Why would a ransomware gang give you the ability to decrypt your data once they've got your money? It happens from time to time, but so does winning after dropping all your money on 00 at the roulette wheel.
244 publicly visible posts • joined 25 Aug 2008
Existing sanctions would be more than adequate when combined with requiring affirmative identification of the recipient of cryptocurrency transfers and correcting any lack of whistleblower commission. If you can identify the recipient and it’s a sanctioned entity, the transfer has to be blocked. If you lie about it and the US takes an interest, say hello to several years of prison1 for everyone who signed off on that transaction; and probably several more people who didn’t directly participate, but commit misprision by deleting communications about it.
The odds of any cryptocurrency industry surviving a regime with that level of AML enforcement border on nonexistent; but if cryptocurrency can find a legal use2 and environmental concerns are addressed with a carbon tax, it should be allowed to continue existing.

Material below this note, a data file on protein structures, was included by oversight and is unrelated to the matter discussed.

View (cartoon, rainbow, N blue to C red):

1 Conspiracy to fund a sanctioned entity is a big-boy federal offence, so state parole policies do not apply. You serve the sentence you get, and by “several years” I'm assuming your C-suite has no previous record and the gratuity paid to attackers isn’t more than a megabuck. More money is more jail, possibly getting into double-digit years — not that it’s likely to happen more than once with a 10% whistleblower commission.
2 Stranger things have happened.
The house speaker is 3rd in line to the presidency. What would happen if someone filled that role who was ineligible to be president and the president & VP both became unable to fill the roles? Would it skip past them to the next in line?